Local Rotary Clubs Join In Effort To Provide Clean Water For Children In Haiti

February 2, 2009

Bellaire/Southwest Houston Rotary has awarded a $5,000 grant to Pure Water for the World – Haiti to provide sand-filtered clean drinking water to the children of a small village there. Club President and Bellaire City Manager Bernie Satterwhite announced the grant at a late January meeting of the service group.


Other South Texas Rotary clubs are joining in the collaborative effort, with a district goal of providing clean water to more than 100 Haitian schools by July 2009.  John Collier of West University Rotary Club and John Nadolski of Sugar Land Rotary are co-chairing the district’s effort.  The projects are implemented by Pure Water for the World and Management Sciences for Health, with funding from the Safe Water Institute, Rotary International, various mission groups, and the U.S. Agency for International Development. 


“Providing clean drinking water in Haiti is one way we’re implementing this year’s Rotary International mandate to make dreams real for the world’s children,” club spokesperson Nan Wagoner said.  U.S. Embassy statistics identify diarrhea as a leading cause of illness and death in young Haitian children, and it is believed that clean water and good hygiene practices can reduce such waterborne illnesses by up to 60 percent.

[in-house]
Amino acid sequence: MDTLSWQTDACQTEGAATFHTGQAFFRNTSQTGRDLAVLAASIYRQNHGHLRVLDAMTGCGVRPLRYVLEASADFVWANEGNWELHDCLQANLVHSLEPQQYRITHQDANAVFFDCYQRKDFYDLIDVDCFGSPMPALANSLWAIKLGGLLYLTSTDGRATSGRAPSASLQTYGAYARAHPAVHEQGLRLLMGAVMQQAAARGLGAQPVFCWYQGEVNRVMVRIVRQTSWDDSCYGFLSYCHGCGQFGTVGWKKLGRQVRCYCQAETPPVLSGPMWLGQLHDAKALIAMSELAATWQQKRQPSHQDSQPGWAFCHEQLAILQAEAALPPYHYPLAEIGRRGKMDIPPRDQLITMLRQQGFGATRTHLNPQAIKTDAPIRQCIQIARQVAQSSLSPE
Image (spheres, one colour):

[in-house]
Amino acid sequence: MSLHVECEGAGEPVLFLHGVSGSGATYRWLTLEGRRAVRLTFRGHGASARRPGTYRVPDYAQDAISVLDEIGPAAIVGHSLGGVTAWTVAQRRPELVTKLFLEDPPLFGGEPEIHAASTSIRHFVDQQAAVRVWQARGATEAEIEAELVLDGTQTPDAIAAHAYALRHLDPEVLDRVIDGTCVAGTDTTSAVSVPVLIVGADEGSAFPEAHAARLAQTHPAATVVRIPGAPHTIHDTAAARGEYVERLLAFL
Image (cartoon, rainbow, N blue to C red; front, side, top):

The club’s latest project feels very personal to Bellaire Rotarian Surpris Cherazard of Mass Mutual Financial, who is a Haitian native and plans visits there for progress reports to the club during the coming year.


“When you are blessed to be here, it is hard to imagine what life is like for the little ones in my home country,” Cherazard said. “So many are sick and die because of dirty water. I am very grateful to my Rotary club for having the heart to help them.”


The Pure Water for Haiti Campaign aims to improve the lives of children and their families by providing clean water and hygiene training through schools in the Cite Soleil area, in addition to the bio-sand filter systems, and works directly with the community in partnership with church mission organizations and local NGOs. Training for staff at the partner schools and clinics teaches good hygiene, use, and maintenance of the water filtration systems, and provides visual aids and workbooks for the hygiene curriculum. Haitian children learn how to save lives through good hygiene practices, while receiving clean drinking water and an opportunity to fill bottles of water to take home.


According to the Embassy of the United States of America in Port-au-Prince website, the Pure Water for Haiti campaign reached approximately 65,000 children and their families with BioSand filter facilities and hygiene education as of November 2008, and the ultimate goal is to spread the filter/hygiene program into homes so that the families can stick to the use of safe water for drinking, cooking and bathing. 


Information regarding the Rotary International organization is available online at www.rotary.org.




InstantNewsWestu Staff

View more articles Subscribe